Posted on 10 December 2020.

Posted in: Theatre Reviews


Review: The Dumb Waiter (Hampstead Theatre)

Theo Bosanquet | WHATSONSTAGE

'Harold Pinter's one-act play, which typifies many of the themes that would go on to define his work, has a rich history at the Hampstead. Its UK premiere in 1960 was an early and crucial success for the venue - and the playwright - under founding artistic director James Roose-Evans.'

'Sixty years on it takes on renewed significance as it reopens the venue from its pandemic-induced hibernation... A two-hander running under an hour, it also happens to be pretty much the ideal play for these socially distanced times.'

'On James Perkins' fittingly cell-like set, two hired assassins await instructions for their next job. Gus (Shane Zaza), younger and skittish, procrastinates by fiddling with his shoes, the toilet flush, his bedsheets. Anything to take his mind off the present. Ben (Alex Newman) lies on his bed calmly reading a paper, occasionally reciting snippets aloud.'

'The play has been compared to its near-contemporary Waiting for Godot, though one major difference is that the unseen power is much more present here. Matches are slid under the door, food orders sent down in the titular dumb waiter. Why are they coming? And who is sending them? The men soon spiral, like us, into a vortex of uncertainty.'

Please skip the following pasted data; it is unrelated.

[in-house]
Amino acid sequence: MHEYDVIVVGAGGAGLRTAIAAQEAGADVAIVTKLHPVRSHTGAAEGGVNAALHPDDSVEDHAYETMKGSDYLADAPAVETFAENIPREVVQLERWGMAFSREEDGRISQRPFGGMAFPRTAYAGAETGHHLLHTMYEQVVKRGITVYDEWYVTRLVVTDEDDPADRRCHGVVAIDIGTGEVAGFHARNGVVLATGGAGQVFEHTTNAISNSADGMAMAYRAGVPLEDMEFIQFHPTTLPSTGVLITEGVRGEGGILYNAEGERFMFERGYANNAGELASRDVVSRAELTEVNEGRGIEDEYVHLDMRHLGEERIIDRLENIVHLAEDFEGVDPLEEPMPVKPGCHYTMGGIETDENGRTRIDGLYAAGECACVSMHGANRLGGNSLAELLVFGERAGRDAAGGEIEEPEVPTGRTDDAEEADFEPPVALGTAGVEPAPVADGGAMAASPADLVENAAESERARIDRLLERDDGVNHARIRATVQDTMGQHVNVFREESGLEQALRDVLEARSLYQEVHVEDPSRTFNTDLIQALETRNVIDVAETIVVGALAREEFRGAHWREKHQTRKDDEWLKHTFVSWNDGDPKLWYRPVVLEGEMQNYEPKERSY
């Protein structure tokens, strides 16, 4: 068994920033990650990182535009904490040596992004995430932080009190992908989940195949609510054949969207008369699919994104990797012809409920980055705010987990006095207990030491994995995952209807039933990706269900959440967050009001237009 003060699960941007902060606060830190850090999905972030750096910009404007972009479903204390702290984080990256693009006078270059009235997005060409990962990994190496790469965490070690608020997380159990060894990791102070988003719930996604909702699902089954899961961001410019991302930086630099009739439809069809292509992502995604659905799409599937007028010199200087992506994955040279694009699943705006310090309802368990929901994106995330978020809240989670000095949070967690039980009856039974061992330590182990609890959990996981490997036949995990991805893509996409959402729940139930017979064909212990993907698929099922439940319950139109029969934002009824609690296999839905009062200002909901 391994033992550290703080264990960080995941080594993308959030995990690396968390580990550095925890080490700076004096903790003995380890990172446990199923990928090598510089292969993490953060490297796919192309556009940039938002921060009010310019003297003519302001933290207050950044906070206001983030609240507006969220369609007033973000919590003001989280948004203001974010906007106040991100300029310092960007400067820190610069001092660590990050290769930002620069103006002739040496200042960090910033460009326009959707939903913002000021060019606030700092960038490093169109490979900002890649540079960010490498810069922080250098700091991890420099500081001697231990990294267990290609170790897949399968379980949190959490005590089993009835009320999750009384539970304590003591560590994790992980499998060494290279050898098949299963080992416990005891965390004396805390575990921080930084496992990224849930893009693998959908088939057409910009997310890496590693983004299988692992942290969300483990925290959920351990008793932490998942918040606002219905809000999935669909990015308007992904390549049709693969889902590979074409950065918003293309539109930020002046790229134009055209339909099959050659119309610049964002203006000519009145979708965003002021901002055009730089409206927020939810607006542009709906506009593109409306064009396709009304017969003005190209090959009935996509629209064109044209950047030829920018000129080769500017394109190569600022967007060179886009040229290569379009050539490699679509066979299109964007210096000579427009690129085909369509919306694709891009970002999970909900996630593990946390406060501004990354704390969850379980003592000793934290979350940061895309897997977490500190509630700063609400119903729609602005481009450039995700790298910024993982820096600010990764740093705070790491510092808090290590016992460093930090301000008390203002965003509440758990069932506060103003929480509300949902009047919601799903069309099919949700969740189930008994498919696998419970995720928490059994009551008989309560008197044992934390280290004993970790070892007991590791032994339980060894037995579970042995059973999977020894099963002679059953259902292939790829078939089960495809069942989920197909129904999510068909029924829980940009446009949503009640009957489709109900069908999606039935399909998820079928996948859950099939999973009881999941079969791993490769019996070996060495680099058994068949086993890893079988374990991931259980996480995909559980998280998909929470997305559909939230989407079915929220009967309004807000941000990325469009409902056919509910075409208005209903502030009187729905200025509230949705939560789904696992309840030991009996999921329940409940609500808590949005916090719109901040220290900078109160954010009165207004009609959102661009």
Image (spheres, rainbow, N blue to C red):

'Director Alice Hamilton paces the action well, ensuring those iconic pauses are given plenty of room to breathe. We open with a good three minutes of pregnant silence. Her cast works well together, Zaza lending Gus a vulnerability that isn't always apparent, while Newman's Ben acts as a suitably surly foil. The former's willingness to question sits in tension with the latter's blind loyalty.'


To read the full review visit WhatsOnStage online here.


The Dumb Waiter now plays on the Main Stage from 18 - 30 January 2021.


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